Aureus: Difference between revisions

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The '''''aureus''''' (<small>{{abbr|pl.|plural}}</small> '''''aurei''''', 'golden', used as a noun) was a [[gold coin]] of [[ancient Rome]] originally valued at 25 pure silver ''[[denarius|denarii]]''. The ''aureus'' was regularly issued from the 1st century BC to the beginning of the 4th century AD, when it was replaced by the ''[[solidus (coin)|solidus]]''. The ''aureus'' was about the same size as the ''denarius'', but heavier due to the higher [[density]] of [[gold]] (as opposed to that of [[silver]]).
Before the time of [[Julius Caesar]] the ''aureus'' was struck infrequently, probably because gold was seen as a mark of un-Roman luxury.{{Citation needed|date=August 2020}} Caesar struck the coin more often, and standardized the weight at <math>\tfrac{1}{40}</math> of a [[Roman pound]] (about 8 [[gram]]s). [[Augustus]] (r. 29 BC – 14 AD) tariffed the value of the ''[[sestertius]]'' as <math>\tfrac{1}{100}</math> of an ''aureus''.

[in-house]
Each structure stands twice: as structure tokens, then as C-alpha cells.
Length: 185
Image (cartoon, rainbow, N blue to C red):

The mass of the ''aureus'' was decreased to <math>\tfrac{1}{45}</math> of a pound (7.3 g) during the reign of [[Nero]] (r. 54–68). At about the same time the purity of the silver coinage was also slightly decreased.